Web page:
Ecology, sexual selection and speciation

Martine E. Maan*, Ole Seehausen

*Corresponding author for this work

Research output: Contribution to journalReview articleAcademicpeer-review

316 Citations (Scopus)

Abstract

P>The spectacular diversity in sexually selected traits among animal taxa has inspired the hypothesis that divergent sexual selection can drive speciation. Unfortunately, speciation biologists often consider sexual selection in isolation from natural selection, even though sexually selected traits evolve in an ecological context: both preferences and traits are often subject to natural selection. Conversely, while behavioural ecologists may address ecological effects on sexual communication, they rarely measure the consequences for population divergence. Herein, we review the empirical literature addressing the mechanisms by which natural selection and sexual selection can interact during speciation. We find that convincing evidence for any of these scenarios is thin. However, the available data strongly support various diversifying effects that emerge from interactions between sexual selection and environmental heterogeneity. We suggest that evaluating the evolutionary consequences of these effects requires a better integration of behavioural, ecological and evolutionary research.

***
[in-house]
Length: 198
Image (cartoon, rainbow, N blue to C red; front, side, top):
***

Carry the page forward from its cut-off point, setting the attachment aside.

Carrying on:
Original languageEnglish
Pages (from-to)591-602
Number of pages12
JournalEcology Letters
Volume14
Issue number6
DOIs
Publication statusPublished - Jun-2011
Externally publishedYes

Keywords

  • Adaptation
  • assortative mating
  • divergence
  • environmental heterogeneity
  • good genes
  • magic trait
  • mate choice
  • natural selection
  • pleiotropy
  • reinforcement
  • MAJOR HISTOCOMPATIBILITY COMPLEX
  • SALMON ONCORHYNCHUS-NERKA
  • SYMPATRIC SPECIATION
  • MATING PREFERENCES
  • REPRODUCTIVE ISOLATION
  • CRICKET FROG
  • MALE COLOR
  • POPULATION DIFFERENTIATION
  • COUNTERGRADIENT VARIATION
  • GASTEROSTEUS-ACULEATUS

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